It arrived yesterday. Over the last 24 hours I’ve had a chance to play with it a little bit and thought I would report my initial reactions.

The Fire TV ships in Amazon’s “Frustration Free” packaging, which is always a plus with me. I love how easy it is to get the box open, find all the pieces and start to get the device set up. The Fire TV box contains the device itself (a small, black box), a small power adaptor, a remote control with batteries and an instruction booklet.

It does not come with an HDMI cable, or any other way to connect the Fire TV to your TV. But that shouldn’t come as any surprise. Fortunately, I have a healthy supply of cables at home, so this was no problem at all. But don’t forget to buy one if you don’t have one already.

Physical setup was a breeze. Simply connect the power adaptor to the device and a power outlet, the HDMI cable to your TV and the device powers up and gets going. As you might expect, the first thing the device wants is an Internet connection. I decided to connect the Fire TV to my wireless network, mostly because I wanted to see how it handled streaming 1080p content that way.

Navigating through the device’s menu for connection to my wireless network was very easy using the included remote. The Fire TV found my network immediately and once I entered the password using the remote and onscreen keyboard, it connected the first time and I was online. So far, so good.

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Analog Tools In a Digital World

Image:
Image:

pens-and-pencils-and-more-1There’s no doubt we live in a digital world. Pretty much anything and everything can be found online, and more often than not, we create or consume content via a digital device like an iPad, a smartphone, a computer or a television. And given how the world is evolving, it’s fairly obvious this is going to become more prevalent as time goes on.

It should also be fairly obvious, if you’re a regular reader here, at The Flickcast, or a listener of my podcast, I’m a huge fan of technology and this evolving digital world. What people might not know is how much I also love old school, analog tools and things many people may consider obsolete.

Things like pens, pencils, paper, notebooks, watches with hands and more are all as exciting and useful to me as the latest iPad, smartphone, laptop or other piece of technology. I don’t consider them obsolete at all. Far from it. In fact, they are an integral part of my daily life.

Given that fact, I thought it would be fun to share some of the analog tools I enjoy so others could hopefully begin to appreciate them and what they have to offer. And sure, my fondness for these analog tools is partially because I grew up in a time when we didn’t have any real alternatives.

I grew up in a world before the iPad, iPhone, HD TV, Facebook, Twitter, Instagram, Google and all of the other things we take for granted now. Sure, I had a computer (my first was an Apple II+) but the Internet was in its infancy then and to get “online” you had to use a POTS line and a dialup modem.

Yes, it was slow. My God it was slow. But it was amazing too and gave us a glimpse of what was to come.

But to do any real work, I used a notebook and a pen. That’s all I needed. I would write papers, reports, notes, stories and more with that trusty notebook and pen. They never failed me, needed a software update, security patch, lost connectivity or had to be rebooted because they froze. They just worked.